The year was 525BC and Cambyses II, ruler of Persian was looking to expand his empire into the recently weakened country of Egypt. Pharaoh Psamtik II had assumed the reign of Egypt from his father however Psamtik II was inexperienced and not prepared to lead his country against an invading force, especially one as strong as the Persians. The Persians were successful in defeating the Egyptians at Pelusium and expanding their empire.
The priests at the temple of the Oracle of Amun were refusing to legitimize the claim of Cambyses II as ruler of Egypt. Cambyses II did not tolerate this behavior so he sent a 50,000 man army to Siwa Oasis in order to kill the priests and destroy the temple. The problem is the army never made to the temple. The army was lost in what was believed to have been a massive sandstorm which instantly buried everywhere. Herodotus wrote of this account and what happened to the army. Without any evidence however many historians believed this account to by simply a myth. Numerous archaeologists have attempted to search for this lost army in the deserts of Egypt with no luck.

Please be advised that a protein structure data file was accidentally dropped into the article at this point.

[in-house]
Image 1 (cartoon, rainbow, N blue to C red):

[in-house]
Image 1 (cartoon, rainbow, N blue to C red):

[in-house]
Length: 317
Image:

After numerous expeditions and exhaustive research and analysis famous twin archaeologists Angelo and Alfredo Castiglioni believe that have discovered the remains of this lost army. What started out as an expedition to locate the presence of iron meteorites the brothers and their research team came across a half-buried pot and some human remains. From their they came across a large rock which the brothers believed was possibly used as a shield against the sandstorm. Further digging at the time revealed a bronze dagger and several arrow tips, all dating to the Persian era.
Further expeditions allowed the brothers to find elements of a necklace, dated in the Acheamenid period, an earring, as well as graveyard of bones which a few decades ago had been uncovered by a sandstorm. They had learned that grave robbers and tourists had taken many priceless artifacts from the area however the team was able to uncover more Persian arrow heads and a horse bit which matches that of images of a Persian horse bit. Further analysis of the bones and digging in the area will hopefully answer more questions about what happened to this army. This has the potential to be a very significant find in terms of the validity of Herodotus' account.